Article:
To prepare for the meeting in Doha a U.S. delegation held high level talks with Pakistan:

The meeting between Washington’s deputy secretary of state and Pakistan's leaders came amid an array of unsettled issues. They include questions such as the level of future engagement with the Taliban in Afghanistan, and the ongoing evacuation of foreign nationals and Afghans who want to flee the country's new Taliban rulers.

Another question on the agenda is who will provide funds to stave off a full economic meltdown and looming humanitarian crisis in Afghanistan. Since the Taliban takeover, billions of dollars in aid have been frozen. Nearly 80% of the former Afghan government's budget was funded by international donors.

Even as it shies away from any unilateral formal recognition, Pakistan has been pressing for greater engagement with the all-male, all-Taliban Cabinet that the insurgents set up after they overran Afghanistan in mid-August, in the final weeks of the U.S. and NATO pullout from the country.

Pakistan has also urged Washington to release billions of dollars to the Taliban so that they can pay salaries of the many Afghan ministries and avoid an economic meltdown. The United Nations High Commissioner for Refugees has warned that s such a crash could unleash a mass migration.

As a result of the talks Pakistan showed support for the U.S. demand of an 'inclusive government' in Afghanistan:

Little information has emerged from the meetings. A statement from Pakistan's foreign ministry said “an inclusive and broad-based political structure reflecting the ethnic diversity of Afghan society was essential for Afghanistan’s stability and progress.”

That was a clear message to the Taliban: An acceptable Afghan government is one that includes representatives of all Afghan minorities.

The statement also had a message for the world, saying “the current situation required positive engagement of the international community, urgent provision of humanitarian assistance, release of Afghan financial resources, and measures to help build a sustainable economy to alleviate the sufferings of the Afghan people.”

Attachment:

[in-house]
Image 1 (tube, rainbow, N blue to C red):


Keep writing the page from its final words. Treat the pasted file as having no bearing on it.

I do not see the U.S. getting what it wants from the Taliban. They know that a large CIA station in their country would also endanger their rule.

If the U.S. continues to hold back Afghanistan's money it only increases the need for the Taliban to engage with China. While China will be stingy and have its own requests it at least does not work with terrorist and it sticks to its agreements.

Posted by b on October 9, 2021 at 16:18 UTC | Permalink

Comments

The Taliban needs to keep Amerika out and all Amerikan ngo. Amerikas goals will be to under mine the Taliban govt.

Thanks b

Posted by: jo6pac | Oct 9 2021 16:28 utc | 1

"This meeting is not about granting recognition or conferring legitimacy. " i'd like to think this is a quote from the taliban on usa... in fact, i am sure that is how they see it... meanwhile the one obvious terrorist - usa - has taken ETIM off the terrorist list! now, who whudda thunk it?? this shit is more then tiring... thanks b..

Posted by: james | Oct 9 2021 16:36 utc | 2

Present situation, the only ready cash operation in Afghanistan is the heroin industry. An interesting pressure point for the CIA.

Posted by: jhill | Oct 9 2021 16:42 utc | 3

The key point of leverage is the US’s hold on the purse strings that prevents Afghanistan from having access to its own money. We have seen this movie many times before: Starve the masses in an effort to achieve a totally self-serving political goal. It’s just as effective (or ineffective) as bombs.

Posted by: Rob | Oct 9 2021 16:43 utc | 4

Rob @ 4; You nailed it Rob...

The power of the reserve currency, plus the empire's lust for rare earth minerals will keep it engaged for many years in Afghanistan.

Posted by: vetinLA | Oct 9 2021 17:19 utc | 5